PLACES TO PLAY
Theme parks achieve Certified Autism Center status to offer the best experience to all guests
Young people are champions of inclusivity, and they demand equality across diverse races, ethnicities, genders, sexual orientations, religions, and physical abilities. To be inclusive of all guests and offer a better experience to visitors with autism, the following destinations went through a comprehensive program to achieve Certified Autism Center status.
The Sesame Street-themed destination in Langhorne, PA became the first theme park to receive the Certified Autism Center qualifier from the International Board of Credentialing and Continuing Education Standards last spring. At least 80% of Sesame Place staff went through specialized training—covering areas including communication, motor skills, and sensory and emotional awareness—sensory guides can help parents plan activities to fit their children’s needs, quiet rooms and low-sensory areas are available to guests, and the park offers a Ride Accessibility Program.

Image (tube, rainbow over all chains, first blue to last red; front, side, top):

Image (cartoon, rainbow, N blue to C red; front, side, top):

SeaWorld, which owns Sesame Place, added another one of its destinations to the list of Certified Autism Centers this January. Aquatica Orlando is the first water park certified by IBCCES, and employees of the Florida park also went through autism sensitivity and awareness training, which must be repeated every two years to maintain the park’s status. Like Sesame Place, Aquatica Orlando also implemented a quiet space, low-sensory areas, and a Ride Accessibility Program. Additional resources are available to help guests plan their visit to suit their specific needs.
In addition to the specialized training, sensory guides, and quiet areas it implemented to qualify for the Certified Autism Center designation from IBCCES at the end of last year, Zoo Miami also offers its guests with special needs sensory bags, which contain noise-canceling headphones and fidget toys or stress balls. All three of these destinations are included on AutismTravel.com, a free resource created by IBCCES to help families with members who have autism, as traveling to a new place can present particular hardships.